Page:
Spicing Up 2020 With Our Favourite Recipes
With the dawn of 2020, we decided to celebrate a few of our favourite spicy recipes that we’ve shared in the past. Phillip Nthai and the chefs in the Makweti kitchen are certainly not shy when it comes to adding unique flavours to their dishes. This is something that sets our culinary delights apart, making for memorable Makweti meals that bring our guests back time and again.
How Spice Came To South African Cuisine
South African cuisine is a blend of many cultural influences, starting with local indigenous flavours, and then also including North African, European and Asian influences. Cape Malay food is strongly influenced by the Malaysian people, who were brought to South Africa as slaves in previous centuries. Spices such as cinnamon, cardamom and coriander were prevalent in their cooking and are cornerstones of what we eat today.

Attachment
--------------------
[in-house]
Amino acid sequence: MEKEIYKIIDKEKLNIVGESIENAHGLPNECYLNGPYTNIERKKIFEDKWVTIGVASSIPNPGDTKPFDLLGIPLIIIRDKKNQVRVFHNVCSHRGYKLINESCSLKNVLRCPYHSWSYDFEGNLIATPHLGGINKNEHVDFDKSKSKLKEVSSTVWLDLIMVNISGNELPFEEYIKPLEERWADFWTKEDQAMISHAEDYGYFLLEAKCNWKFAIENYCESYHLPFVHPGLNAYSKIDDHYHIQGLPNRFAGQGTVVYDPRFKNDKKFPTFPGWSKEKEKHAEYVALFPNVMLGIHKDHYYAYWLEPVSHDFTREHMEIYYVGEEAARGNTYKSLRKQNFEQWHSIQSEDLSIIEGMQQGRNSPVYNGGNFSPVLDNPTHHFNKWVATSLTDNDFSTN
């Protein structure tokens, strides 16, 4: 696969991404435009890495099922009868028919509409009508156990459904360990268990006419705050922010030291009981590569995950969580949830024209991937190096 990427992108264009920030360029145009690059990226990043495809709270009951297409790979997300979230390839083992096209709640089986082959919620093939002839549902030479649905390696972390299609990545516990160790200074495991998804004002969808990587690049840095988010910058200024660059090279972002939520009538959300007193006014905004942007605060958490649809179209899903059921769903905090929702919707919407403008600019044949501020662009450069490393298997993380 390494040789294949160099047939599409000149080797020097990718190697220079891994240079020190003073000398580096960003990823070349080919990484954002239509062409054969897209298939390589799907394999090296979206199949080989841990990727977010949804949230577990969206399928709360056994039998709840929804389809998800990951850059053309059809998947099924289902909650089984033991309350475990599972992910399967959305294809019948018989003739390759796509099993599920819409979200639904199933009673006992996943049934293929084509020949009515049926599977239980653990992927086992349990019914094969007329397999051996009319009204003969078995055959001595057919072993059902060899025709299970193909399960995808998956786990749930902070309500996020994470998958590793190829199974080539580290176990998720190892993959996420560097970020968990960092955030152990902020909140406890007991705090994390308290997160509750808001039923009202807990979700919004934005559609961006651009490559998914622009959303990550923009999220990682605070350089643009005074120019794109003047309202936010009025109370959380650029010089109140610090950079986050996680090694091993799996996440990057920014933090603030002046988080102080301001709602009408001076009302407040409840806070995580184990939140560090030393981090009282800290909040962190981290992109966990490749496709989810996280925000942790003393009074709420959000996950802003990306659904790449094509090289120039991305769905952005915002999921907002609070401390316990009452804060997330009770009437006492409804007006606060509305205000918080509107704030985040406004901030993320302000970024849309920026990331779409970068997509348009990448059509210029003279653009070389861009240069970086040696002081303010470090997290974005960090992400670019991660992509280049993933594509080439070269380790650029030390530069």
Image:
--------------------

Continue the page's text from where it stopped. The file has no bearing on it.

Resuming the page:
The Dutch settlers also brought their share of culinary influence by way of strong spices and salts that were used to preserve dried meats in the 1600s. Biltong is probably our most famous product that was born of this history.
Our Favourite Spicy Makweti Recipes
All Makweti dishes have their own unique flair and flavour, but we have listed some of the spiced dishes that stand out. All the recipes are easy to follow and make at home. If you’re craving a taste of Makweti, this is a great way to bring it into your home! Let us know which is your favourite!
Pear And Ginger Cake – made with ground ginger, as well as freshly grated nutmeg and fresh ginger.
Makweti Style Lamb Tagine – made with paprika, cayenne pepper, black pepper, ginger, turmeric, cinnamon and saffron.
Makweti Curried Prawn, Mango And Rosti Amuse – made with Thai curry paste.
Traditional Bobotie – made Makweti-style with mild curry powder, turmeric and cinnamon.
Makweti Chicken Tagine – made with cumin, ginger, turmeric, and ground cinnamon.
Ginger Milk Tart – a twist on a traditional South African dessert simply by adding a good dose of ground ginger.